Does Your Child Want to Wear Makeup? 5 Things You Should Know
“But, honey, you’re pretty just the way you are.”
Let’s face it: Even a parent’s sincere compliment can’t always dull the allure of lip-gloss and eye shadow. Interest in makeup tends to rise in middle school, but there’s no right or wrong age to start wearing it.
“Have an open discussion about makeup as soon as your child expresses interest,” says Cleveland Clinic Children’s pediatrician Eva Kubiczek-Love, MD. “As always, parents need to establish expectations and set limits.”
The right way to wear makeup depends on your family’s perspective and the accepted practice in your child’s community. If your daughter is involved in dance or cheer competitions, for example, makeup may be more prevalent in her social circles.
However, there are five tips that apply to any makeup wearer. According to Dr. Kubiczek-Love, parents should help their children:
Buy safe products. “Many cosmetics, including those labeled ‘natural’ and ‘organic,’ aren’t regulated to the standards parents might expect,” she says. Shop for products with the fewest ingredients, and avoid ingredients you think are harmful. Check out the Environmental Working Group’s Skin Deep® database, where you can search for items by brand name or product category, and choose products based on safety rating.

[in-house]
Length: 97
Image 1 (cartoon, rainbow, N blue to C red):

Start with less. Ease into wearing makeup. For a preteen, maybe start with lip-gloss. Over time, add powder foundation or other products. Don’t dive in with heavy lipstick and eyeliner.
Watch for skin irritation. Reaction from cosmetics can be as mild as skin redness or as severe as hives and swelling. Most symptoms appear quickly, says Dr. Kubiczek-Love. If they do, remove the product — and don’t use it again. In case of hives or swelling, give your child an antihistamine and call the doctor. Allergic reactions appearing on your child’s face could spread to his or her airways. If your child is wheezing, has abdominal pain or is vomiting, get medical care immediately.
Go easy on sensitive or acne-prone skin. Steer away from heavy, oil-based products — especially creams, lotions and foundations — that can aggravate acne, eczema and other sensitive skin. Use an oil-free concealer on acne. And, above all, follow tip No. 5.
Maintain a healthy skin regimen. Skin care is important for any adolescent, especially those wearing makeup. Teach your child to:
- Wash his or her face every day with a mild cleanser.
- Avoid antibacterial soap and exfoliating agents. Harsh products can damage young skin and cause acne flare-ups.
- Remove all makeup before going to bed.
- Replace cosmetics every 6 to 12 months to minimize risk of contamination.
- Avoid sharing cosmetics, which can increase the risk of contamination and infection.
“It’s important to teach kids that makeup is meant to enhance their appearance, not change or overpower it,” says Dr. Kubiczek-Love.
With a little guidance from you and these five tips, your child can feel as attractive as you already know she is.